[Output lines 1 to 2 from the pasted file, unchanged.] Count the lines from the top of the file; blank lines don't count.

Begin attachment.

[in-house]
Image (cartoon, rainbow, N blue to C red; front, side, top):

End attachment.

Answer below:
[in-house]
Image (cartoon, rainbow, N blue to C red; front, side, top):